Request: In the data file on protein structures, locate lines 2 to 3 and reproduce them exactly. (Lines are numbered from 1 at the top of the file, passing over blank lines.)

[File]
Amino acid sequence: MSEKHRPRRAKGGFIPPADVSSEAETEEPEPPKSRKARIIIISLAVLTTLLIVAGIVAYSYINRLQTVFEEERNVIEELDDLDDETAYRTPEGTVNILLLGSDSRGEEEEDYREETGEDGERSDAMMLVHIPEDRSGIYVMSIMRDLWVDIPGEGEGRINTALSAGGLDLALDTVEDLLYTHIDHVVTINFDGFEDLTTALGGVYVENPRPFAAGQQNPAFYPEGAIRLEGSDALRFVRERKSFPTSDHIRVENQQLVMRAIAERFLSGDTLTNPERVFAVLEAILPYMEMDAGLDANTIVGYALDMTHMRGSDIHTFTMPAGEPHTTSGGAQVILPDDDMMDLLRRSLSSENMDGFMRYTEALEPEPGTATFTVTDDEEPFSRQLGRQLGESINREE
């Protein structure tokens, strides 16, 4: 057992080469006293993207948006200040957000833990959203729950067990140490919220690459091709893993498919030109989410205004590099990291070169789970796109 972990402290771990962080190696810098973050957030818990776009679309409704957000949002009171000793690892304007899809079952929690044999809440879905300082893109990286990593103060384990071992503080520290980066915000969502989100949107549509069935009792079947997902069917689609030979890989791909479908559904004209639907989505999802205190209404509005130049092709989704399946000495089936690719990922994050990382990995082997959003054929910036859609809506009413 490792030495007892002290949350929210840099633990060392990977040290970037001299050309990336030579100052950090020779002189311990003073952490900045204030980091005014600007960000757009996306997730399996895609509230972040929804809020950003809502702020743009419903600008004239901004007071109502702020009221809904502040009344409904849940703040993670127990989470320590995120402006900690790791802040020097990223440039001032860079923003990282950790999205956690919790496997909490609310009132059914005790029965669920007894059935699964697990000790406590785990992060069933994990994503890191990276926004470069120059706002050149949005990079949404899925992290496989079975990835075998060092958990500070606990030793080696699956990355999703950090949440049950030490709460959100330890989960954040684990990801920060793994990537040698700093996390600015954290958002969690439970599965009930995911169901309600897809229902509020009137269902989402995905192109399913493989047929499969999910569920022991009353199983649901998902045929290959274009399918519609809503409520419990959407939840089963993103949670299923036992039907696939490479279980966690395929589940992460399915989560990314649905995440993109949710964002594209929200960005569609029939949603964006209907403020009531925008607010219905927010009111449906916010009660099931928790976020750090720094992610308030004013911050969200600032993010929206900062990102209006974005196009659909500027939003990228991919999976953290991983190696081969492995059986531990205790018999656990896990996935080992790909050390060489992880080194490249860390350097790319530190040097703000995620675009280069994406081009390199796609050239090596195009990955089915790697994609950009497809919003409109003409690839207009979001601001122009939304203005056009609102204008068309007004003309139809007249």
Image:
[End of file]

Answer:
């Protein structure tokens, strides 16, 4: 057992080469006293993207948006200040957000833990959203729950067990140490919220690459091709893993498919030109989410205004590099990291070169789970796109 972990402290771990962080190696810098973050957030818990776009679309409704957000949002009171000793690892304007899809079952929690044999809440879905300082893109990286990593103060384990071992503080520290980066915000969502989100949107549509069935009792079947997902069917689609030979890989791909479908559904004209639907989505999802205190209404509005130049092709989704399946000495089936690719990922994050990382990995082997959003054929910036859609809506009413 490792030495007892002290949350929210840099633990060392990977040290970037001299050309990336030579100052950090020779002189311990003073952490900045204030980091005014600007960000757009996306997730399996895609509230972040929804809020950003809502702020743009419903600008004239901004007071109502702020009221809904502040009344409904849940703040993670127990989470320590995120402006900690790791802040020097990223440039001032860079923003990282950790999205956690919790496997909490609310009132059914005790029965669920007894059935699964697990000790406590785990992060069933994990994503890191990276926004470069120059706002050149949005990079949404899925992290496989079975990835075998060092958990500070606990030793080696699956990355999703950090949440049950030490709460959100330890989960954040684990990801920060793994990537040698700093996390600015954290958002969690439970599965009930995911169901309600897809229902509020009137269902989402995905192109399913493989047929499969999910569920022991009353199983649901998902045929290959274009399918519609809503409520419990959407939840089963993103949670299923036992039907696939490479279980966690395929589940992460399915989560990314649905995440993109949710964002594209929200960005569609029939949603964006209907403020009531925008607010219905927010009111449906916010009660099931928790976020750090720094992610308030004013911050969200600032993010929206900062990102209006974005196009659909500027939003990228991919999976953290991983190696081969492995059986531990205790018999656990896990996935080992790909050390060489992880080194490249860390350097790319530190040097703000995620675009280069994406081009390199796609050239090596195009990955089915790697994609950009497809919003409109003409690839207009979001601001122009939304203005056009609102204008068309007004003309139809007249």
Image: